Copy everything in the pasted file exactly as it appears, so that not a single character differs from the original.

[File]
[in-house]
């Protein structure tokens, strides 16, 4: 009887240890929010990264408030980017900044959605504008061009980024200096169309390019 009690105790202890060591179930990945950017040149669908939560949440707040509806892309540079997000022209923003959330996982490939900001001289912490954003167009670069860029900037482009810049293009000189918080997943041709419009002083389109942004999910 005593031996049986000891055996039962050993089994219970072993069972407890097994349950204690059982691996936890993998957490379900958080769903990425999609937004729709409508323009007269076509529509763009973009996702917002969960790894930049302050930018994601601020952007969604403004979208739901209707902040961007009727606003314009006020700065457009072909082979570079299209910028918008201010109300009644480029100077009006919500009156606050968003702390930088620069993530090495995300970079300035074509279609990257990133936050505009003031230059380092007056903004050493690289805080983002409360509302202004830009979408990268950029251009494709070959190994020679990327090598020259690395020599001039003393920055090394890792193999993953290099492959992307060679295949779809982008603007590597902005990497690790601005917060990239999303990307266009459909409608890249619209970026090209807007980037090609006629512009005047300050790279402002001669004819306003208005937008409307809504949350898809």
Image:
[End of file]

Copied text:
[in-house]
């Protein structure tokens, strides 16, 4: 009887240890929010990264408030980017900044959605504008061009980024200096169309390019 009690105790202890060591179930990945950017040149669908939560949440707040509806892309540079997000022209923003959330996982490939900001001289912490954003167009670069860029900037482009810049293009000189918080997943041709419009002083389109942004999910 005593031996049986000891055996039962050993089994219970072993069972407890097994349950204690059982691996936890993998957490379900958080769903990425999609937004729709409508323009007269076509529509763009973009996702917002969960790894930049302050930018994601601020952007969604403004979208739901209707902040961007009727606003314009006020700065457009072909082979570079299209910028918008201010109300009644480029100077009006919500009156606050968003702390930088620069993530090495995300970079300035074509279609990257990133936050505009003031230059380092007056903004050493690289805080983002409360509302202004830009979408990268950029251009494709070959190994020679990327090598020259690395020599001039003393920055090394890792193999993953290099492959992307060679295949779809982008603007590597902005990497690790601005917060990239999303990307266009459909409608890249619209970026090209807007980037090609006629512009005047300050790279402002001669004819306003208005937008409307809504949350898809």
Image: